Idaho Rules of Civil Procedure Rule 11(a)(1). Signing of Pleadings, Motions, and Other Papers; Sanctions.
Every pleading, motion, and other paper of a party represented by an attorney shall be signed by at least one (1) licensed attorney of record of the state of Idaho, in the attorney's individual name, whose address shall be stated before the same may be filed. A party who is not represented by an attorney shall sign the pleading, motion or other paper and state the party's address. Except when otherwise specifically provided by rule or statute, pleadings need not be verified or accompanied by affidavit. The signature of an attorney or party constitutes a certificate that the attorney or party has read the pleading, motion or other paper; that to the best of the signer's knowledge, information, and belief after reasonable inquiry it is well grounded in fact and is warranted by existing law or a good faith argument for the extension, modification, or reversal of existing law, and that it is not interposed for any improper purpose, such as to harass or to cause unnecessary delay or needless increase in the cost of litigation. If a pleading, motion or other paper is not signed, it shall be stricken unless it is signed promptly after the omission is called to the attention of the pleader or movant. If a pleading, motion or other paper is signed in violation of this rule, the court, upon motion or upon its own initiative, shall impose upon the person who signed it, a represented party, or both, an appropriate sanction, which may include an order to pay to the other party or parties the amount of the reasonable expenses incurred because of the filing of the pleading, motion, or other paper, including a reasonable attorney's fee.In such cases, the court may also refer to the administrative district judge the question of whether to declare a person to be a vexatious litigant pursuant to Idaho Court Administrative Rule 59 and enter a prefiling order prohibiting such person from filing any new litigation in the courts of this state pro se without first obtaining leave of a judge of the court where the litigation is proposed to be filed.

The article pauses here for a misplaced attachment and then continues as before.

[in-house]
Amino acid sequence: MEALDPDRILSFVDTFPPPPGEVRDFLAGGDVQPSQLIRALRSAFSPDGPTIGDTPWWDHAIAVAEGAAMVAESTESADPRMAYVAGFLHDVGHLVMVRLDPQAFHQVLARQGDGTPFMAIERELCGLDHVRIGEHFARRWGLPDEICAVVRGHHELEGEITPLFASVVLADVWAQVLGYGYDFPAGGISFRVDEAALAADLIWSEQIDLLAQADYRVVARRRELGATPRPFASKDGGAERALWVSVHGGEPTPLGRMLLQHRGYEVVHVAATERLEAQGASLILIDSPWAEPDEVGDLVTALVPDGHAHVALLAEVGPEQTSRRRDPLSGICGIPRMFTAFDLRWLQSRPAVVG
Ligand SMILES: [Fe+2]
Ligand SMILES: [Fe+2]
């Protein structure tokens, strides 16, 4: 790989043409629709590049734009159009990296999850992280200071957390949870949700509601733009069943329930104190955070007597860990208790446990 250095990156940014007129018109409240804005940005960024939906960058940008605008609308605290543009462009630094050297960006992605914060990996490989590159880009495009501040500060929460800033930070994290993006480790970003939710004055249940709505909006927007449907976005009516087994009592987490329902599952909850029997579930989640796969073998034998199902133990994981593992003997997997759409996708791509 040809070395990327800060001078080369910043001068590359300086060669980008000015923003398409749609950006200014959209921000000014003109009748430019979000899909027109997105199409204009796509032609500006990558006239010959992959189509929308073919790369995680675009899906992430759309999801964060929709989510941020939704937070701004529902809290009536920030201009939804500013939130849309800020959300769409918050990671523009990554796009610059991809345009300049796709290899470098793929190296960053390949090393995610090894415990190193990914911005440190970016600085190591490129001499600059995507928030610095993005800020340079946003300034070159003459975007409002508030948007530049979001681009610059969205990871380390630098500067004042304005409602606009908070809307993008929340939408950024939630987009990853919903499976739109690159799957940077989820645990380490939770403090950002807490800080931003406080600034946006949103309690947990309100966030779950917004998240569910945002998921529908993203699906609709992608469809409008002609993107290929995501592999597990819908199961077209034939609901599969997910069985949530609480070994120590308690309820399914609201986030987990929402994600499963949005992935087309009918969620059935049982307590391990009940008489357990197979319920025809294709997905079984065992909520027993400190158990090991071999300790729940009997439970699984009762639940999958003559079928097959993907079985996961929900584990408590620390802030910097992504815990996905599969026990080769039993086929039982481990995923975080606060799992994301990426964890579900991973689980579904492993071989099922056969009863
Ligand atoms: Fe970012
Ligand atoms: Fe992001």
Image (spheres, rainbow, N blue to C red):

(Amended March 20, 1985, effective July 1, 1985; amended April 23, 2013, effective July 1, 2013.)